In 2004, British publisher and conference organiser EMAP plc purchased the festival from French businessman Roger Hatchuel – who had started managing it in 1987 – for a reported £52 million. In June 2014, the Wall Street Journal as well as Campaign Magazine reported on Nimrod Kamer's protestations at Cannes Lions. Philip Thomas is Simon Cook the Managing Director. Thomas is the President and Chief Executive Officer of Ascential Events, under which Cannes Lions operates. Cannes Lions juries are drawn from experts in each field from around the world; each jury is headed by a jury president. They judge submissions in Film, Film Craft, Industry Craft, Digital Craft, Print & Publishing, Direct, Health & Wellness, Radio & Audio, Branded Content & Entertainment, Brand Experience & Activation, Creative eCommerce, Entertainment Lions for Music, PR, Creative Effectiveness, Social & Influencer, Creative Data and Titanium, as well as Glass: The Lion for Change and Sustainable Development Goals. In 2013, the Festival launched a new category called the Innovation Lions, which are supposed to "honour the technology and innovation which facilitates creativity", including recognition of the'Top 10 Startups to Watch'.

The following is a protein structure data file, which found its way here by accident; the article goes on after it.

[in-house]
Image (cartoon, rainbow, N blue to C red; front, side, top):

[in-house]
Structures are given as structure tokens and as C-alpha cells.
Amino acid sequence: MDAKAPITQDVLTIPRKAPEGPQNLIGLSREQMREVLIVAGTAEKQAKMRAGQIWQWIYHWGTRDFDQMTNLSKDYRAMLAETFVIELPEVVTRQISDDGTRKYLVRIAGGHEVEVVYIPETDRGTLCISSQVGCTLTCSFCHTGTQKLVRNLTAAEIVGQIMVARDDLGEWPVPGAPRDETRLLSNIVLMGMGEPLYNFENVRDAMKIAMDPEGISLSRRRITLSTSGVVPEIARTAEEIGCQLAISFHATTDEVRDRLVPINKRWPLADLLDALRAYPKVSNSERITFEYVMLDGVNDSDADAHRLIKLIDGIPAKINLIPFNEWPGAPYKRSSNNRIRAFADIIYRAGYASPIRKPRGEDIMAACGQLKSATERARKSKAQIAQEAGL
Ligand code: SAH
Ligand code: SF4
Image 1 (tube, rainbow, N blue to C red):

Additionally, global start-ups can apply for the Start-up Academy to receive festival passes and access mentorship sessions. Other awards include Holding Company of the Year, Network of the Year, Media Agency of the Year, Agency of the Year, Independent Agency of the Year, Media Person of the Year, New Directors' Showcase, Advertiser of the Year, the Palme d'Or to the best production company. Advertisements are entered by the agencies that created them, although technically anyone can enter any advertising creation, providing it ran within a specified time frame; the jurors are instructed to reward advertising, deemed most creative both in idea and execution. In an article in The Guardian in 2009, WPP boss Sir Martin Sorrell said the Cannes Lions awards were too costly to enter. However, a year he admitted that he had made sure that WPP was "very focused on Cannes" and wanted to be "the leader in terms of awards at Cannes". In 2011, WPP won the first Holding Company of the Year prize at the Festival.